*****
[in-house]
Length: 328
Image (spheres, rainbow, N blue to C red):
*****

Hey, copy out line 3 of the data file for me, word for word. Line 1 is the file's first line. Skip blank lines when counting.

Image (spheres, rainbow, N blue to C red):